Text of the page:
Like everyone, the Tinton Falls family had their daily routine radically altered from the start of the pandemic and currently. “Normally he would have gotten up and go to school with a day of academics in a structured environment in a vocational setting. He worked part time at Five Below in Eatontown and some days he would volunteer his time during his lunch break at Red Bank.”
Following his 7:30 a.m. to 2:30 p.m. school day he’d go with his father to the gym and work for about two hours and when his mother came home from work he would take a walk with her around the neighborhood.
“It is kind of our spring routine and every Saturday we’d go to Great Adventure as he’s a big rollercoaster guy. So everything has been affected and what we had to do was create a new routine which took some time. Now there is virtual school in the morning with his great teachers and support staff helping out in the morning,” Michelle Ruscavage said.
She said that in the early afternoon she joins Michael for numerous walks in different beautiful parks in Monmouth County. “When the governor had shut down numerous parks it got very challenging. That made it really tough.”
“I’m glad after a month the governor reconsidered that because it was really, really hard. We do three walks a day, average 10 miles a day by my husband and son right now. We go to virtual church services on Sunday. We’ve done a lot using technology and also staying outside social distancing,” she added.
Michelle Ruscavage said one difficult point of instruction was teaching Michael the rules of using his protective COVID-19 mask. “That was really important for him that he had to understand that people are getting sick so everyone has to protect each other and be distant from each other and wearing a mask. He gets that.”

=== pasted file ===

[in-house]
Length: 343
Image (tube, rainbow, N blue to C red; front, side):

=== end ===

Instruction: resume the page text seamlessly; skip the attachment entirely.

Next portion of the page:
Michael’s parents managed to create an alternate structure for him “which we continue to prepare him for prepare each day. This is what we are doing, this is what we can do and that is what we are going to focus on with visual aids. He’s not always happy and he does have melt downs occasionally but unlike us when we have uncertainty we can talk ourselves through it I don’t think he is able to do that so my husband and my job is to walk him through it repetitively and it is a lot of work but I think that is all we really can do.”
Michele Ruscavage said that some parents of autistic children use medication more to cope with such situations but we aren’t advocates of that and we feel more of talking through with him that way has shown effectiveness. We are trying to keep it that way.”
Joe and Michele Ruscavage both work at home. Joe is a teacher at Monmouth Regional High School and Michele is a former teacher who is now an administrator at another school district. She occasionally works at home but more often works in an office. Michelle said they are fortunate with their working arrangement which allows them to be there for their son.
Michele Ruscavage said she has a network of colleagues and friends who are in the same situation and have children with autism. “We do talk and strategize as to what works, try this try that so it is a good support model and we help each other.”